For me, my first pregnancy caused me a great deal of depression (pre-partum depression, maybe). I don’t even think I realized how despondent I had been feeling until I finally felt better (when the pregnancy was over). The pregnancy was just one terrible complication and disaster after another and I was on bedrest nearly the entire time. Prior to that, I was a practicing attorney in the city and I was really physically active. The pregnancy was not planned (not unwanted, per se, but I’ll just say it wasn’t timed well) and I know that contributed. During the pregnancy I was told I’d be “lucky” if I made it past the 30 wk mark and that it would be nearly impossible to go past 35 wks. I was so worried that I was going to go through all of this just to lose the baby or have a child in the NICU that struggled to survive (which, I know, happens to many people). What made it much harder is that THE ENTIRE PREGNANCY everyone kept saying, “You are so lucky to even be pregnant.” “This pregnancy is a miracle. Just thank God for every day.” “This is a gift.” It made me feel like I had no right to feel depressed and upset. It didn’t feel like a gift. It felt like a punishment. Made me feel like I was ALREADY a bad mother to even feel conflicted about the pregnancy and worried about my own health, as well as having a healthy baby. I made it to 37 wks and I was in so much pain pretty much the entire time. I had to have a vertical incision C-section/myomectomy (the scar is nearly six inches long) and I got two bags of blood. The internal cut on my uterus was such that I could never hope to have a VBAC. It ended up being okay in the end, but the pregnancy was just awful and, yes, I think ‘traumatic’ would be the right word.

      I think part of why its so hard to talk about this is because there is ALWAYS a worse story out there and women are always told to be THANKFUL that it wasn’t worse. Thankful that we experienced pregnancy, thankful we survived it, thankful we have children…etc. And, the truth it, we can be thankful for all of those things and at the same time acknowledge how hard it can be and how hard it IS, for many women. Why can’t pregnancy be ‘natural’ and ‘beautiful’ for some and agonizing and horrible for others? We are all different and we all experience things differently. When our experiences are silenced by statements like, “well, you are lucky, I know someone who…” it really keeps us from healing from sharing our stories and seeings that we are not alone.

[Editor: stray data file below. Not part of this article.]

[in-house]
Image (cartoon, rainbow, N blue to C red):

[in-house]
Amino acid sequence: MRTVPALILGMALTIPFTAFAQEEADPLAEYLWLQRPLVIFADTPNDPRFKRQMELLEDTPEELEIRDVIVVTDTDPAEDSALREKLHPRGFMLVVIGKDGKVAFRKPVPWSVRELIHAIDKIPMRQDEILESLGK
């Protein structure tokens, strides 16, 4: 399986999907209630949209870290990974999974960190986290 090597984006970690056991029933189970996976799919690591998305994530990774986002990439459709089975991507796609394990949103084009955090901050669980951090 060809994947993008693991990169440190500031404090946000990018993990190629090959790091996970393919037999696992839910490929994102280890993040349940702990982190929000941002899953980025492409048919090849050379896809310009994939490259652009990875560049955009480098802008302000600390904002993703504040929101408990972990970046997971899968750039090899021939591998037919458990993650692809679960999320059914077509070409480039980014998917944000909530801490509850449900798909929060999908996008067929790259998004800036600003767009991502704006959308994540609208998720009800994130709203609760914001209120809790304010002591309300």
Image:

20. spot
    October 1, 2012 at 3:26 pm

    Would it make any difference to the survivors here if the article was headlined, “Childbirth can be as stressful as rape”?

    • October 1, 2012 at 3:37 pm

      It is completely accurate to say, “Childbirth can be as traumatic as rape.”

      • shfree
        October 1, 2012 at 5:14 pm

        And I will highlight the important word here, for the jackass who is trolling. CAN. CAN. Not always, and no one here has ever said that childbirth is always and for every single woman traumatic.

      • (BFing)Sarah
        October 1, 2012 at 6:31 pm

        Exactly. Thank you! My sexual assault was horrible. My first pregnancy and birth was horrible, but in a different way. My second pregnancy was awesome and the birth was just fine. Why are people so hung up on making these ridiculous statements?

    • Lolagirl
      October 1, 2012 at 5:23 pm

      Would it make any difference to the survivors here if the article was headlined, “Childbirth can be as stressful as rape”?

      This has got to be the dumbest attempts at a gotcha I’ve possibly ever seen here on Feministe.

      Rape? A horrible thing suffered by women that has the potential to cause life altering emotional trauma.

      Childbirth? Something women (as well as trans men) do which has the potential to go horribly wrong and cause life altering emotional trauma.

      The repeated effort by a couple of trolls here to gotcha their way into getting women to either prioritize or quantify their suffering or the suffering of others is repugnant and insulting. Either come up with something intelligent and insightful to add to the discussion or get lost already.

  21. Tramenilla
    October 1, 2012 at 4:34 pm

    There doesn’t seem to be any information regarding the demographics of the 300 Canadian women they based this study on.

    I’d be really interested to see if these effects were higher or lower in the developing world, or in lower-income communities.

  22. Silje
    October 2, 2012 at 2:06 pm

    Pregnancy and child birth is very powerful lessons in that you do not control your own life. And when it is all over and you see it for what it is: a very empowering thing to have gone through.

    • EG
      October 2, 2012 at 2:32 pm

      It’s great that this was your experience, but that doesn’t mean it’s everybody’s.

      • tinfoil hattie
        October 2, 2012 at 11:49 pm

        I’d say the first part is pretty accurate. Childbirth is indeed one of the things we cannot “control,” no matter how much the birth plans and books and internet fora and stories of other people’s births tell us we can. It can go haywire at any given second.